Eight Cousins (1875) is a novel by American author, feminist, and abolitionist Louisa May Alcott. Based on her experience of being raised by a father dedicated to education reform, and grounded in her radical beliefs on the role of women in society, Eight Cousins is a masterpiece of children's literature that explores themes of family, death, and perseverance.
Rose Campbell is a young girl when her parents pass away. Orphaned, she is taken to the Boston home of her great aunts, the Campbell sisters, who raise her while awaiting the arrival of their brother Alec, Rose's legal guardian. An heiress, Rose must adjust to the rhythms of New England high society while also learning that the limitations placed on womenwhich her uncle disdainsmust not be allowed to restrain her. When Alec returns from business overseas, she is introduced to her male uncles and cousins. Although she is nervous at firstand still in mourning for her affectionate father she soon finds herself appreciative of her new male role model, who educates her, rejects the oppressive women's fashion of the day, and encourages her to take control of her life and fortune. Although her more conservative aunts are first wary of Alec's influence, they too grow to understand his moral and political principles, creating the harmony necessary for Rose's upbringing and development into a capable young woman.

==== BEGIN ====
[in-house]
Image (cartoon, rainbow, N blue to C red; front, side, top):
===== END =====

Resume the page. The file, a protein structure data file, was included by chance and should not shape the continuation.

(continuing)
Although less popular than Alcott's "March Family Saga," Eight Cousins is a brilliant work that captures the power of love and community over prejudice and convention, andlike each of the author's workshas long been read and adored by children and adults alike.
With a beautifully designed cover and professionally typeset manuscript, this edition of Louisa May Alcott's Eight Cousins is a classic of American literature and children's fiction reimagined for modern readers.